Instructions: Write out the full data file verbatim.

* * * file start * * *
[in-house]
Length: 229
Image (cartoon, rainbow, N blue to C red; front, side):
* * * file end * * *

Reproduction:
[in-house]
Length: 229
Image (cartoon, rainbow, N blue to C red; front, side):